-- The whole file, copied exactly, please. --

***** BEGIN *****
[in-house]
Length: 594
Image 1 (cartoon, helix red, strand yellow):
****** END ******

[in-house]
Length: 594
Image 1 (cartoon, helix red, strand yellow):